As the price for granting operating permission, the Taliban made it look as if the international community was dealing with the movement as a legitimate government, though only three regional powers formally recognized it. Pomp was the Taliban's secret weapon in negotiations. Protocol officers whisked U.N. envoys around in Foreign Ministry Mercedes-Benz limos and sat them down in plush conference rooms. These were all the optics of legitimacy. Meanwhile, Taliban Justice Minister Nuruddin Turabi churned out a series of social restrictions, such as the ban on women driving. The Taliban asserted that their protocol with the United Nations obliged aid agency staff to abide by these regulations of the Islamic Emirate, thus hammering home that the United Nations had to accept the Taliban's authority in areas they controlled.

The negotiations on major humanitarian issues such as the protocol, nevertheless, produced workable agreements. On political topics, however, the Taliban proved much more intransigent. For instance, I heard the tales of a series of envoys who tried to negotiate a reprieve for the Bamiyan Buddhas. These two 170-foot-high statues, dating from the sixth century, symbolized Afghanistan's pre-Islamic cultural heritage. By giving demolition orders for the "idols," the Taliban leadership was both able to assert its puritan Islamist credentials and defy an international community that was bound to protest.

The diplomats were like so many champions being sent out to face an invincible dragon. First, a troika of ambassadors from Islamabad flew into Kabul to petition the foreign minister over reports that the Taliban had destroyed smaller idols in the Kabul Museum. Muttawakil was as charming as ever. But he had been deputed to stonewall rather than negotiate. In classic Taliban style, he invoked a "higher authority," claiming that he would have to seek permission for the diplomats to visit the museum.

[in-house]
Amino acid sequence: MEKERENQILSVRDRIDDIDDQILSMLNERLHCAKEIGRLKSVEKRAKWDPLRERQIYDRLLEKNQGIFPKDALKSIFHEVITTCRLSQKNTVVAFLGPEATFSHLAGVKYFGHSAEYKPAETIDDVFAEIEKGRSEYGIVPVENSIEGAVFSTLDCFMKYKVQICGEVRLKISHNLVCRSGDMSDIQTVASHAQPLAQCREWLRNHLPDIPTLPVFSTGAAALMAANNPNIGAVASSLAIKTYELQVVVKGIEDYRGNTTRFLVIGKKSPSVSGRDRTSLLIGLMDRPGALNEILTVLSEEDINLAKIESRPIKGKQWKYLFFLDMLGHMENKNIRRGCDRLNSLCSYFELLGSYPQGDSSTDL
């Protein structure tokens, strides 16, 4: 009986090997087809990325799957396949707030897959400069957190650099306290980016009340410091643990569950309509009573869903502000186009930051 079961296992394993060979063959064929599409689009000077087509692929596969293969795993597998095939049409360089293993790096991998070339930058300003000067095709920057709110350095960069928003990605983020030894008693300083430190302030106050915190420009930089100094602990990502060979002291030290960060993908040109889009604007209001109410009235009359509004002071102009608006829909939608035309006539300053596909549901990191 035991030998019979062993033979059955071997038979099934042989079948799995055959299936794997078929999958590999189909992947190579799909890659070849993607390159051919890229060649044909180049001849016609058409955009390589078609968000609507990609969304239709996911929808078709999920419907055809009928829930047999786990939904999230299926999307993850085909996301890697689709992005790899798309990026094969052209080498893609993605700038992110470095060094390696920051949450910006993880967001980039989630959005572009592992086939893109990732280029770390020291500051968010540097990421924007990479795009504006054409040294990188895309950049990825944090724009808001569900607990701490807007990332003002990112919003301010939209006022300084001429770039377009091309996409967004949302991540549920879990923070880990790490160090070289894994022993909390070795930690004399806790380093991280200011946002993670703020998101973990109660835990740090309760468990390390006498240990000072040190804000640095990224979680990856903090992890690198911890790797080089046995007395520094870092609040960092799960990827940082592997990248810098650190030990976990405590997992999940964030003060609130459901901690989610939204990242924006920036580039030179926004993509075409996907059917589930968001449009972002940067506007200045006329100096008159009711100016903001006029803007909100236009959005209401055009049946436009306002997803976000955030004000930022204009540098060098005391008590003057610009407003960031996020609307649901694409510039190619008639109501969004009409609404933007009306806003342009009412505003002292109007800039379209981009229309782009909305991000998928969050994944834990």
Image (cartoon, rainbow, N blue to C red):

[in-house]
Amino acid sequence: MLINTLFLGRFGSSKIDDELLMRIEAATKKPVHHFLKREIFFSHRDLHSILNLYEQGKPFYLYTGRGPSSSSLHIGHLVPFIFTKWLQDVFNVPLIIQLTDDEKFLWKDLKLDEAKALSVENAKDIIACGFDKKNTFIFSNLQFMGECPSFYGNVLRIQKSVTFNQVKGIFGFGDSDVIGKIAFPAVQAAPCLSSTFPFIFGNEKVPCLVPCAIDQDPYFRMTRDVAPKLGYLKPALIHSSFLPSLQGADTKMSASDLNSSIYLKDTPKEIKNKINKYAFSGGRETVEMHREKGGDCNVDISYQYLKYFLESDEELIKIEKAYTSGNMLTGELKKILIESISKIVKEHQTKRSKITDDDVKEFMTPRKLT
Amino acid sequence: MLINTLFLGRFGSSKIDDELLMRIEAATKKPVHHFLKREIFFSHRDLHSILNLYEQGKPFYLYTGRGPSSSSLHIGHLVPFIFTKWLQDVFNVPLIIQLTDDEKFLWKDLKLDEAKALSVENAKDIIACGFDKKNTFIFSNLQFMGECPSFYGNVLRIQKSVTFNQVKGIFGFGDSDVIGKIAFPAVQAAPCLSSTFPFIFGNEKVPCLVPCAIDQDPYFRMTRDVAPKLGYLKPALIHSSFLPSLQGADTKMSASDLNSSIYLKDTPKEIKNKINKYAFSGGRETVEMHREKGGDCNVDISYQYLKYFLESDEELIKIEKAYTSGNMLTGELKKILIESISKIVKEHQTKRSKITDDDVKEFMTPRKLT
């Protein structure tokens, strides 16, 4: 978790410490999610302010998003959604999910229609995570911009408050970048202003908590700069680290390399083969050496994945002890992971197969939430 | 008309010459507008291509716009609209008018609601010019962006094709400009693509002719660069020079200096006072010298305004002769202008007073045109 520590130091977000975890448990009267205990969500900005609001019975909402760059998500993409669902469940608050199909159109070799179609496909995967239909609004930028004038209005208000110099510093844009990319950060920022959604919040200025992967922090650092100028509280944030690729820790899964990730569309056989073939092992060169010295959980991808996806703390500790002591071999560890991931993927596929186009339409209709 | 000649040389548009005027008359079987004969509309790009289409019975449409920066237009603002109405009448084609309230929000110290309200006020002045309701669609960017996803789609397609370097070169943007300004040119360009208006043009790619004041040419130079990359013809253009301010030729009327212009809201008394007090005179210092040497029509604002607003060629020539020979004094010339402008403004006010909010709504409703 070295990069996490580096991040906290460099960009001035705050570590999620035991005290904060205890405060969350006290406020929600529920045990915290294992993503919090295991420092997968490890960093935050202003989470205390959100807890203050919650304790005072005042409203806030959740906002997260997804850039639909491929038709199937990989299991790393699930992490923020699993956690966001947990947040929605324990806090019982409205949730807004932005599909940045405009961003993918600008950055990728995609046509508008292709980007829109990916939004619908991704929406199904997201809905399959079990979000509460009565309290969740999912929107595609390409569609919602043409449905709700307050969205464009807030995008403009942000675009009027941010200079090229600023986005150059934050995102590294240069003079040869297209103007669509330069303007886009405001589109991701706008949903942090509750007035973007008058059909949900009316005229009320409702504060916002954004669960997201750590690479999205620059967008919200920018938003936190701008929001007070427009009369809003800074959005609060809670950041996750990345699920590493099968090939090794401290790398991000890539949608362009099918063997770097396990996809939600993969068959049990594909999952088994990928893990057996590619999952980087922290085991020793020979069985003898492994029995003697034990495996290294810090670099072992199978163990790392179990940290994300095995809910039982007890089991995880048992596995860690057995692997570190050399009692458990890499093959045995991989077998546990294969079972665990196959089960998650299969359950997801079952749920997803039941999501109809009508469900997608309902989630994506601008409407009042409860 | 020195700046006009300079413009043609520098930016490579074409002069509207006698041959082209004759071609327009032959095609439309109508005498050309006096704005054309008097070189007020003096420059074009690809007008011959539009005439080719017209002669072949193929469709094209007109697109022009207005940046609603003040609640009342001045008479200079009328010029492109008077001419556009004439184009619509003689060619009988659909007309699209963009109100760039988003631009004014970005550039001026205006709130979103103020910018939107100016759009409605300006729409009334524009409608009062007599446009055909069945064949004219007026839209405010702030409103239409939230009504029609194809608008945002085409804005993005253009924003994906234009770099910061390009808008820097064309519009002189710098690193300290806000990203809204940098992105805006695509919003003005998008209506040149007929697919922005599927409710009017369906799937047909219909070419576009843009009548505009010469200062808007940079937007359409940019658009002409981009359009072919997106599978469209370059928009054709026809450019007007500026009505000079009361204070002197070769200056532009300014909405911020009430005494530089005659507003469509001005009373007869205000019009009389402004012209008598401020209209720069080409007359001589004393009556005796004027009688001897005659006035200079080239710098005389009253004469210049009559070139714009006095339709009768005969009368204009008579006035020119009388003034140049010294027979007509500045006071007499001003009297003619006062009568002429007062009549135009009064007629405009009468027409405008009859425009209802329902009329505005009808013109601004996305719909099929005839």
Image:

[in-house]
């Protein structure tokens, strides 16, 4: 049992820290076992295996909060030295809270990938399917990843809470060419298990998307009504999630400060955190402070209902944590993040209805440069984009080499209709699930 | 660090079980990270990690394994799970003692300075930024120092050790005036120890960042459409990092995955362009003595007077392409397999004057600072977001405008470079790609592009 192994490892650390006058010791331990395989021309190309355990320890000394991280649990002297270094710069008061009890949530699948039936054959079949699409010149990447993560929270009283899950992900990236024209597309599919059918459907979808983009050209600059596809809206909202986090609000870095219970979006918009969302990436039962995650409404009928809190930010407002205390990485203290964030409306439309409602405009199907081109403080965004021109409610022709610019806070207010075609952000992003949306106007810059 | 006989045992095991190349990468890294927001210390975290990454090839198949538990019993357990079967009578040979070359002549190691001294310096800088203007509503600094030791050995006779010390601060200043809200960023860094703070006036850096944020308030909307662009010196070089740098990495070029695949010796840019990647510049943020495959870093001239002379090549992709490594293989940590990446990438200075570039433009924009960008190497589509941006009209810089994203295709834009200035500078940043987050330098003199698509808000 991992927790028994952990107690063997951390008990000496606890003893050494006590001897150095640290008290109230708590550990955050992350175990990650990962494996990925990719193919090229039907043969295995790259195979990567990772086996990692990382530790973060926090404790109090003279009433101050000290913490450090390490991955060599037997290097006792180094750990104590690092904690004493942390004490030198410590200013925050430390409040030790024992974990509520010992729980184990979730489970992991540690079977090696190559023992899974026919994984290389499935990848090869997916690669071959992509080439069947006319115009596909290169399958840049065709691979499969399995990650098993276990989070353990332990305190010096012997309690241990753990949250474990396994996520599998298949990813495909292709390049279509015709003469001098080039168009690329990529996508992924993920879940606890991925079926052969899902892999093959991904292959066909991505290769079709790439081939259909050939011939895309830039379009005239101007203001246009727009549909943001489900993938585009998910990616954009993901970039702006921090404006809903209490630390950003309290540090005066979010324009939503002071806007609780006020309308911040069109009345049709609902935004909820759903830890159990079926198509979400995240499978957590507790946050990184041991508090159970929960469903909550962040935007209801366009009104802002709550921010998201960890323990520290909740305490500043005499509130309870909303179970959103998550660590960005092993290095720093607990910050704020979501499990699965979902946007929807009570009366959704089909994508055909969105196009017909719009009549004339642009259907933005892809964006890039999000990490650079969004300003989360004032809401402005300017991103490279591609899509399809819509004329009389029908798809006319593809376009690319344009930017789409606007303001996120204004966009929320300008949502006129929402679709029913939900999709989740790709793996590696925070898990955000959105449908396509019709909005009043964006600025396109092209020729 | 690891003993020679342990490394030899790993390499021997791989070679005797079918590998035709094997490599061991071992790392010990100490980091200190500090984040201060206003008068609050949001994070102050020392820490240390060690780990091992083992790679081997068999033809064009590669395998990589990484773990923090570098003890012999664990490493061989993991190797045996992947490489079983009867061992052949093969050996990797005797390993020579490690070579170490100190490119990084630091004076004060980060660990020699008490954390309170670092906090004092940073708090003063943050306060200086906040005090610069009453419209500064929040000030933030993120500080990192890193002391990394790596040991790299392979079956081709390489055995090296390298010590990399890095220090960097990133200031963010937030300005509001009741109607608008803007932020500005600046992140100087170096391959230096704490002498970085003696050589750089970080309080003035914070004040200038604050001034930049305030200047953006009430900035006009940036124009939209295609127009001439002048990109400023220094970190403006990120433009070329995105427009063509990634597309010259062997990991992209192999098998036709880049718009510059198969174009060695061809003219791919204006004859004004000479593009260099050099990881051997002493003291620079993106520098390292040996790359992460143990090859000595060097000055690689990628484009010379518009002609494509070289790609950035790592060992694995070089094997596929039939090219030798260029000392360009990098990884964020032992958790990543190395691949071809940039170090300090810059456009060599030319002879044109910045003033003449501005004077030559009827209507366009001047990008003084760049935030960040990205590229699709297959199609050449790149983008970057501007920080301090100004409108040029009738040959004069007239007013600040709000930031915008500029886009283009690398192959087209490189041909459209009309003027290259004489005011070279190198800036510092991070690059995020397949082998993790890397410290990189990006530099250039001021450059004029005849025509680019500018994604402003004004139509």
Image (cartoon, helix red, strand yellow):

The trip to the museum was never to be. After a few days of pleasantries, the Taliban published an edict by Mullah Omar sanctioning the destruction of idols. The concentration of authority in the person of the self-styled "Amir-ul-Momineen" (Leader of the Faithful) meant that his pronouncement left no room for debate. As the focus turned to the Bamiyan Buddhas, Arab, Japanese, and UNESCO envoys headed to Kandahar to suggest compromises to the leadership. They, too, faced polite stonewalling. Negotiations offered a futile distraction while the movement moved inexorably toward demolition of the Buddhas.

Engagement on the issue of al Qaeda and the U.S. demand for extradition of bin Laden was equally fruitless. This decision came straight from the top: Mullah Omar had cast in his lot with bin Laden, so none of his negotiators had any authority to deal. The Taliban seemed to engage more seriously in a political process during the U.N.-brokered peace talks with their domestic rivals. The Taliban designated a senior leader as envoy and worked through some of the details of what a joint administration might look like. But they could not be budged on the bottom line: The Taliban insisted -- and continue to insist -- that the opposition recognize the authority of the Islamic Emirate. Needless to say, bowing to Mullah Omar continues to be a non-starter for the Taliban's enemies.